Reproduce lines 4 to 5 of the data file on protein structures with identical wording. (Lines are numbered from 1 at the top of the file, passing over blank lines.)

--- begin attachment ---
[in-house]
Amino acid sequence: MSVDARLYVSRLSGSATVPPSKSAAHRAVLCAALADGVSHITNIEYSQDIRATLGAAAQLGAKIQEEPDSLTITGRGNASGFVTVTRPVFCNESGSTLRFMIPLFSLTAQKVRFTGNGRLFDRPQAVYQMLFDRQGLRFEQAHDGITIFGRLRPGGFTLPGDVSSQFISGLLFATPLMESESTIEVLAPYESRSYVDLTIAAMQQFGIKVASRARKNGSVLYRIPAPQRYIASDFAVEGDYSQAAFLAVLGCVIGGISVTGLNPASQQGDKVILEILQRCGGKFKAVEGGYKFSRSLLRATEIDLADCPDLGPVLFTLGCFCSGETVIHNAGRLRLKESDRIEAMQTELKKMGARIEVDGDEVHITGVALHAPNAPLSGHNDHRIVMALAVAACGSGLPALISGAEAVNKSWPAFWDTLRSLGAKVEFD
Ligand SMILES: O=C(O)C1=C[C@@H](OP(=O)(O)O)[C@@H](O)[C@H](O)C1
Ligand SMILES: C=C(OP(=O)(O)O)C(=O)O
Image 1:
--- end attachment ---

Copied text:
Ligand SMILES: C=C(OP(=O)(O)O)C(=O)O
Image 1: